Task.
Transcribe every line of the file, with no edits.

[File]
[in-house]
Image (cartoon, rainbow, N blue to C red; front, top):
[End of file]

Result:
[in-house]
Image (cartoon, rainbow, N blue to C red; front, top):